For the Black Lives Matter group, lives do not matter equally: black lives matter more than blue lives, white lives, Asian lives, Hispanic lives—black lives are first among All Lives.
Not even all black lives matter to BLM.
Not David Patrick Underwood’s, a Federal contractor who was murdered guarding a Federal building in Oakland during the current spate of rioting. Not David Dorn’s, a retired St Louis police captain murdered while guarding a friend’s small business during the current spate of rioting. BLM is silent on these snuffed black lives.
Not the lives of millions of black men, women, and children killed by black thugs. BLM is silent on these snuffed black lives.
Not the neighborhood businesses owned or operated by blacks, not the neighborhood businesses employing blacks. BLM is silent on these badly damaged black lives.
Not the neighborhood businesses that are the only places millions of blacks can go to shop—for necessities like food or for nice-to-haves like haircuts or hair styling. BLM is silent on these badly damaged black lives.
BLM doesn’t care about other minorities’ welfare, either; certainly not the neighborhood businesses similarly situated by and for Hispanics, Asians, women.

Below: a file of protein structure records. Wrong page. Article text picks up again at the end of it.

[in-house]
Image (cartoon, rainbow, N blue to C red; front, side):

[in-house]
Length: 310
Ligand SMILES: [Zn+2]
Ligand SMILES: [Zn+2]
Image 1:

BLM isn’t even an efficiently racist organization—its members just indiscriminately [sic] hate anyone not in the BLM movement.
Nestride Yumga is clear on this, as she wrote in her WSJ op-ed:
[T]he Black Lives Matter movement throws racial antagonism into this equation to create an even bigger problem by turning Americans against each other, tearing down our cities, and bringing shame and disgrace to our great country.
They don’t organize nationwide protests for other issues that seriously affect our communities. They don’t protest the police department for letting homicides go unsolved. They don’t protest Congress or the Federal Reserve for access to capital. They don’t protest the school system for failing African-American children.
This movement’s agenda is to make sure we feel oppressed and depressed, so that we hate ourselves more and despise our fellow Americans.
The person who makes you believe you’re oppressed also limits how far you can go. If African-Americans are oppressed, it is by the people who tell us we are….
The stench of racism is oppressive no matter from whom it vents.